Today we’re traveling to rural Shropshire in central England to chat with Jo Jackson about how an orphanage in Egypt, views of Wenlock Edge, a large wildlife pond, the Israeli secret police, Wembley Stadium, and spending the night in the Gaza strip come together as part of Jo’s past and current life.
Tell us a bit about yourself.
My name is Jo Jackson. I am the author of two books, ‘Too Loud a Silence’ published in 2016 and ‘Beyond the Margin’ published in 2019. Originally from Birmingham U.K., I now live in rural Shropshire with my husband and dog. Our three children are grown up, married with families and careers of their own. My own career was as a nurse, a midwife and ultimately as a family psychotherapist.
Did you always want to be a writer?
Even as a child I enjoyed writing and English was a favourite lesson. My first book was typed, illustrated and bound by my junior school and put in the school library. I read it out in the school assembly as a very proud ten year old.
Fast- forward twenty years and inspiration was ignited when I returned to England after living in Egypt for two years with my family. Events there – abandoned twin girls, an orphanage, and a situation that for me was never resolved became the inspiration for my first novel. I still have the handwritten manuscript that I wrote at the time but career and family took over and it lay unfinished.
On retirement I joined a writing group and the story that had lain dormant for thirty-seven years was rewritten and became ‘Too Loud a Silence’. I set it in Egypt with a backdrop of the Arab Spring with a backstory based thirty years earlier. It was a story I needed to write for those little orphaned girls and for me. I then went on to write ‘Beyond the Margin’, three years later.
What is your favourite writing place?
I am lucky to live in a house in rural Shropshire with stunning views of Wenlock Edge from every window. My favourite writing place, in summertime is sitting with my laptop beside a large wildlife pond in the garden. I share the space with birdsong, mallards, moorhens and their chicks all busy foraging among the reeds. In winter you’ll find me in the conservatory or curled up beside the log burner. I love nature and it inspires description in my writing. My best time to write is early morning and I witness many beautiful sunrises.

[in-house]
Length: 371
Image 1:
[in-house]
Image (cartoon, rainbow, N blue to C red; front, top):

Tell us three interesting facts about yourself.
– Driving home from Egypt in a car with Egyptian number plates we were stopped and made to get out while the car was searched by the Israeli secret police. They thought my husband, myself and our 3 blonde haired children, aged 4 – 11 may be Lebanese terrorists!
– We were once marooned on a small island off the coast of Taiwan for 5 days because of a storm. Eventually we were taken back to the mainland by boat, through mountainous seas – and survived to tell the tale!
– I have stood on the seats of Wembley Stadium singing ‘We are the champions’, after watching my son lift the FA cup with Everton in 1995.
Where did the idea for your most recent book come from?
My most recent book, ‘Beyond the Margin’ arose out of two short stories I had written. Within my work as a family psychotherapist I was privileged to meet many people whose lives were lived on the edge of society. The novel is a tribute to their courage and resourcefulness. I used the setting of a timber yard because I walk above one almost every day with the dog. The ordered rows of tree trunks and the quiet of the place in the evening when work has ceased inspired me. I began to write the novel when I was in Ireland for a month and the wild scenery in the west seemed the perfect backdrop to the story.